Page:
County Supervisors fired interim County Administrative Officer, John Nilon, on Nov. 17, after allegations of discrimination and harassment were field against him by an unnamed County employee
The County is again under the direction of a temporary administrative officer, after the Board of Supervisors fired an interim CAO they just hired a few months ago, and pegged the No. 2 woman at the County to take over while the worldwide search for a permanent replacement continues.
Supervisors on Nov. 17 announced the immediate termination of Interim CAO, John Nilon, “After an investigation of improper conduct toward women in violation of the County’s policy against discrimination and harassment,” reads a new release from the County Counsel’s Office.
The announcement came a couple of days after a closed session meeting on Tuesday, Nov. 14 amongst Supervisors when he was told of the complaint and investigation. They put him on paid leave at that time.
Nilon resigned the next day (Nov. 15) and under his contract the resignation wouldn’t be effective for 30 days, but the ongoing investigation, which apparently came to a head at another closed session meeting on Friday, Nov. 17, proved decisive enough for Supervisors to act immediately.
“The Board made the decision to terminate Mr. Nilon’s employment effective immediately in closed session,” the news release said.
Board Chairman, Dist. 1 Supervisor John Peschong, said, “Our policy is clear and adherence to it is mandatory by all employees. The County has a zero-tolerance policy for any violations.”
“The County,” he continued, “is committed to providing a work environment where everyone is treated with respect and professionalism. We expect all employees to adhere to the policy and expect our CAO to exhibit the best judgment when dealing with employees in the workplace.”
No further details were given and none would be expected given that this is a sensitive personnel matter.
However, the County did say that Nilon’s firing has nothing to do with another County employee’s alleged shenanigans. “Mr. Nilon’s departure is unrelated to the investigation of an employee within the Information Technology Department
Neal told The Tribune that Nilon was fired for alleged “improper conduct toward women;” specifically for violating the County policy on discrimination and harassment.
Citing an anonymous County source, the Tribune reported that “Nilon was questioned about the harassment allegations on Wednesday, and submitted his resignation later that day.”
But according to an online news site, Cal Coast News, Nilon is calling it all a bunch of hokum.
“First,” Nilon reportedly told CCN after his ouster, “it is ridiculous to terminate someone who has already resigned. Second, and most important, this is purely a political stunt, trying to curry favor with those unhappy with the speed at which I have led change.”
He pointed out that he’s never gotten anything in writing. “I have never been presented with any written allegations of misconduct by anyone in the county,” Nilon was quoted by CCN, “and as such, any comments by the board or their representatives are entirely fabricated and have no basis in truth.”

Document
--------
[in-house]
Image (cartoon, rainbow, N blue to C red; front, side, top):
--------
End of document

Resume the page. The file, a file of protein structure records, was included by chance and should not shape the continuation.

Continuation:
The hints there’s something wrong at the County. “Two CAO’s and one homeless division director,” he told CCN, “have resigned within the last six months, perhaps the focus should not be on those who resigned but instead on the board who caused those resignations. I have done what I set out to accomplish and look forward to going back to where I came from, retirement.”
Assistant County Administrative Officer, Rebecca Campbell, was named Acting CAO until a permanent replacement is chosen.
Nilon was hired May 1 to take over the CAO’s duties after former CAO Wade Horton resigned suddenly last March and also without explanation.
Much speculation has been made over Horton’s departure, as it came closely after Supervisors voted 3-2 to throw out the redistricting map that had been approved in 2021, a normal procedure after the results of the U.S. Census (in 2020).
That new map radically changed all five districts and placed Los Osos and Morro Bay, as well as a large portion of SLO, into different districts. The new map took away the right to vote for County Supervisor away from voters in Morro Bay, Los Osos, SLO and the residents in between. Dist. 2 Supervisor Bruce Gibson, whose new Second District, now included Atascadero, Parts of Templeton and San Miguel. Despite losing much of his traditional voter base, Gibson still eked out a 13-vote win over challenger Bruce Jones of Atascadero.
After Dist. 4’s Jimmy Paulding, who won his seat in the June Primary, and Dist. 3’s Dawn Ortiz-Legg, who also won the seat she had been appointed to by the Governor, to replace the late Dist. 3 Supervisor Adam Hill.
Despite winning the election, the Board’s liberal majority (Supervisor positions are non-partisan), settled a citizen’s group’s lawsuit seeking to overturn the 2021 map, and settled out of court for $300,000.
The majority then voted to cancel the 2021 map and approved a new map that closely matched the former district map that was instituted after the 2010 Census.
Nilon also played prominently in a recent announcement of a recall effort against Gibson. The proponents of that recall effort listed Horton’s departure and claimed Gibson had hired one of his donors (Nilon) for the lucrative interim CAO position, which paid some $144 per hour.
The official “Notice to Recall” document filed against Gibson, it stated the he “abused his power as County Supervisor by (a) getting rid of effective County Administrative Officer, Wade Horton, and replacing him with a crony and political contributor.”
That recall effort was recently terminated by the County Clerk-Recorder after the proponents missed a paperwork deadline that she had set.
Though the recall petitioners can still move forward, they must start all over again with a Notice to Recall.